What you need to know before markets open

TORONTO — The Toronto stock market headed for a flat open Friday amid little in the way of economic and corporate news.The Canadian dollar continued to slide, down another 0.36 of a cent to 94.73 cents US. The loonie has tumbled about two U.S. cents this past week as the U.S. currency rose against other currencies amid growing conviction that the U.S. Federal Reserve will move this year to cut back on its monetary stimulus.The Fed has been buying US$85 billion of bonds every month to keep rates low and encourge investment. There is still a great deal of doubt about when the Fed might embark on tapering its asset purchases and the pace of such a cutback.U.S. futures were little changed ahead of data on new home sales coming out mid-morning. The Dow Jones industrial futures were five points lower to 14.934, the Nasdaq futures rose 2.2 points to 3,104 while the S&P 500 futures were unchanged at 1,654.75.Economists expect July home sales to slip 1.4% from June to an annualized rate of 490,000. But June new home sales surged by over eight%.There seemed little enthusiasm to build on a solid gain on North American markets Thursday after data from HSBC Corp. showed an expansion in China’s manufacturing in August. Traders took that as evidence that the world’s second-largest economy may be over its recent weakness. HSBC’s preliminary purchasing managers index rose to 50.1 from July’s 47.7, crossing the critical 50 threshold to indicate an expansion in activity.Meanwhile, the monthly composite PMI, which includes both manufacturing and services, for the 17-country eurozone rose to 51.7 in August from 50.4. The index, published by financial information company Markit, is now at its highest level since June 2011 and provides further evidence that the eurozone recovery from recession is gathering pace.Traders were also encouraged by other data showing gains in the eurozone’s monthly composite PMI, which includes both manufacturing and services which provided further evidence that the region’s recovery from recession is gathering momentum.Speculation about what the Fed may do about its asset purchases continued to drive bond yields higher with the benchmark 10-year U.S. Treasury up 0.02 of a point from late Thursday afternoon to 2.92%.Bond yields are up about 120 basis points since Fed chairman Ben Bernanke first mentioned the possibility of the Fed tapering its bond purchases in May.Those rising bond yields have particularly impacted interest sensitive stocks including utilities and telecoms. The utilities sector is down almost 3% this week alone and more than 8% this month. Telecoms have also retreated, down about 1.75% this week although the sector has also been pressured recently by the prospect of American telco giant Verizon entering the Canadian wireless market.U.S. markets have also softened this month following a strong runup that saw the Dow up as much as 20% year to date at the beginning of August.European bourses were mixed and London’s FTSE 100 index gained 0.45%, Frankfurt’s DAX rose 0.16% while the Paris CAC 40 declined 0.12%.Asian stocks rebounded Friday on encouraging economic data from China and Europe.Japan’s Nikkei 225 index jumped 2.2%, Australia’s S&P/ASX 200 advanced 0.9%, South Korea’s Kospi added 1.1% and Hong Kong’s Hang Seng reversed early gains to close 0.2% down. read more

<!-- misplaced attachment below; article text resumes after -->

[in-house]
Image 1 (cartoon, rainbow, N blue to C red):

Read More

30yearold charged over Cork pub shooting

first_imgGARDAÍ HAVE CHARGED a 30-year-old man in connection with a shooting at a a pub in Cork last weekend.The incident occurred on the evening of 3 August at the White Country Inn in Banteer. A 35-year-old man was injured in the shooting.This morning gardaí confirmed that a 30-year-old who was arrested in connection with the incident appeared before a special sitting of Mallow District Court on Saturday evening.He was remanded on bail to appear before the court again on 9 September.Read: Body of 37-year-old woman found at house in Carlow>Read: Gardaí investigating alleged sexual assault in fast-food restaurant in Cork>last_img read more

Read More